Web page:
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Wednesday, April 22, 2015

Seven Wonders: A Novel

History! Intrigue! Anthropology...? Yes! Fascinating and fun. This is Ben Mezrich's Seven Wonders.

Respected mathematician Jeremy Grady is murdered in his lab on campus one night, and in a way that leaves few wondering if it was a well-planned hit. His twin brother, renowned anthropologist Jack Grady, has a suspicion after looking at the last thing Jeremy was working on: a bright, shining pattern in the Wonders of the World, ancient and new. Serpentine, almost. Jack sets out with his team to investigate what his brother could have found, and he soon discovers an ancient, concealed connection between the wonders of the world -- and his own research -- that will change history as we know it. 

I will start out this post by saying that this book, while not being one of the best written I've ever read, was entertaining. I like to get that out of the way, because that's the general feeling I had after finishing this book. As some of you may or may not know (okay let's face it, most of you guys have no clue) I was a Classics major in undergrad. I have a special affinity for anything related to mythology, secret societies, anthropology, and, obviously, psychology. I have always loved history, so I was super interested in this book when I had an option to pick it up at BEA. I have also read some of Mezrich's work previously, so it was kind of a done deal.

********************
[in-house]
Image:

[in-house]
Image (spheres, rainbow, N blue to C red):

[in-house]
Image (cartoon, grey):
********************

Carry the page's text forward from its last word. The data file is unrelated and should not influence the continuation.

This book had a really interesting premise, with the seven wonders and an historical connection to an ancient secret society. It was really interesting to follow Jack through the story, knowing that the and would be only slightly predictable but still terribly interesting. I particularly loved the scenes that took our characters to the modern seven wonders of the world, and I appreciate Mezrich's focus on detail in these places. Also let his imagination when it came to having to dig deep in these places, locations where people may have never been and where they just may still be rumors. There was a love story too, but I was more interested in the woman's academic credentials than I was in her beauty or sexual attraction.



Overall, I was entertained and had fun with this book. It was good for a snowy weekend in this winter, and I was able to get lost in the history for a bit.


For purchase below.

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